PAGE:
London 2012 volunteers prepare for moment in spotlight

  • 26 July 2012
  • From the section UK
Rosemary Head
Image caption Waiting for an Olympic bus: Rosemary Head smiles throughout her shift

The months of waiting, the hours of training, the hype, the expectations, the uniform... no, it's not the Olympic athletes, it's the Games volunteers who are finally ready.

From staffing a bus stop to dancing in the stadium, volunteers are being used in myriad roles throughout the 2012 London Games.

The so-called Games Makers were selected from 240,000 people who applied almost two years ago, knowing that they would have to devote some time, perhaps a little expense, and some patience just to get to the starting line.

Take Rosemary Head. The 72-year-old has volunteered to be stationed at the bus terminal within the Olympic Park from 4pm to midnight.

She counts the athletes onto the buses, checks they have the correct security passes, and sends the drivers on their way. You wouldn't want a swimmer ending up at a horse event at Greenwich, would you, she says.

Even before the opening ceremony she had done six shifts, and washed her purple and beige uniform a couple of times, finding the shirt "a bit warm" for London's long-awaited summer heat.

Second chance

As her official socks dry out her flat window in Laindon, Essex, before her next shift, she explains how her attitude has gone from excitement, to shock, then disappointment and back to excitement.

She applied, even though she thought her age would be a drawback, and was surprised to get an interview, and then be selected as a driver.

"You can't pick and choose your role, but when I realised I'd be driving a brand new BMW around central London, I had to say no. If you decline a role, you're not usually given a second chance, so I was really lucky that they offered me the bus role," she added.

A "bus team member" may not sound that exciting, but for Ms Head every day is different.

"I was a bit disappointed at first, but then people kept saying how lucky I was to be inside the village, and now I think it's the best job in the world."

However, one drawback is the late finish to her shift. With the athletes' buses stopping before 2200 BST, it seems unfair to make people who live far from the venue stay until midnight, she says.

"If I was getting paid for it, I would understand. But I just wish the organisers would take into account how long your travel time is."

Not that that should bother Martin Dean. He will be driving, in 10-hour shifts, one of the logo-emblazoned cars between venues, hotels and airports.

When the opening ceremony finishes in the early hours of Saturday morning, he'll be waiting to whisk members of the "Olympic family" to their accommodation.

"I'm just pleased to be involved. I'm retired, so I have time to fit it in, and it's a once in a lifetime opportunity - especially at my age," says the 66-year-old.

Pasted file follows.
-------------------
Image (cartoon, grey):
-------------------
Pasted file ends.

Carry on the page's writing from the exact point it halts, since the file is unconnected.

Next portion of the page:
Some volunteers are still training - or rather, rehearsing - for their roles. Dancers for the closing ceremony are still fine-tuning their routines after 60 hours.

James volunteered because he wanted to feel "a personal connection with the Games".

"It sounds like a cliche to say it's a once-in-a-lifetime opportunity, but how often do you have the chance to be part of something like this? Chances are, never again in my lifetime."

He has another 50 hours of rehearsals for his role, and says the drawbacks include "waiting around at rehearsals, often in the rain, and some days it feels like we haven't achieved much."

He adds: "For me personally it's been really satisfying and inspiring - meeting and bonding with the people you're performing with, and doing something that's so physical and so vastly different from my normal life working in an office."

The "once in a lifetime" theme is echoed by 63-year-old Kate, volunteering in the accreditation section at Greenwich for equestrian events.

The role wasn't her ideal job, but she says at least she's at a sporting venue rather than at Heathrow airport.

'Crikey, this is it'

Her minor quibbles include the cost of travelling from her home in Southampton to London for training, which she describes as "rather perfunctory", and the uniform - "not very user-friendly in the heat".

Image caption All athletes have to be accredited at their venues

Heading back to her tent in a camping ground after a shift, she is upbeat.

"All the lead-up was a bit remote for me, but when you're actually on site, then it's like, crikey, this is it. It suddenly comes home to you that this is the Olympics."

Not all the volunteers are retired. Mike Stevenson, 59, has taken two weeks of annual leave to participate. He's on the transport team at Earls Court, where volleyball will be held.

"I remember seeing the Olympics on TV as a kid and thinking I really wanted to be part of that. But what really got me interested was in the Beijing Olympics, seeing the women carrying baskets with the athletes' tracksuits in away from the track - and I thought I want to be part of that."

After about 24 hours in total of training, he'll be helping to keep the traffic flowing at the venue, alongside police and permanent staff.

"I have no regrets [about volunteering]," he says, even though he will have to be up before 05:00 BST to get from Hampshire to the west London venue.

"What I want to do is present London, the Olympic experience and Britain in a good light. I'm just trying to be helpful in my role."

As Ms Head, who has worked in retail for 28 years, says: "It all revolves around customer service, and you have to have a smile - even if they don't smile back at you."